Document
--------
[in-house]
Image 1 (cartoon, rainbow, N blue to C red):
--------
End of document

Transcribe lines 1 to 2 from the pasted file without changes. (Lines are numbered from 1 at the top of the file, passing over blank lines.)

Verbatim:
[in-house]
Image 1 (cartoon, rainbow, N blue to C red):